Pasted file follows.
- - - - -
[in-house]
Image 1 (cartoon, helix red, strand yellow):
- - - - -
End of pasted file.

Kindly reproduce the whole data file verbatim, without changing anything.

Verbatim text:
[in-house]
Image 1 (cartoon, helix red, strand yellow):